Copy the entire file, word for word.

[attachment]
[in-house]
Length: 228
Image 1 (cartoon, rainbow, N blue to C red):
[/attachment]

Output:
[in-house]
Length: 228
Image 1 (cartoon, rainbow, N blue to C red):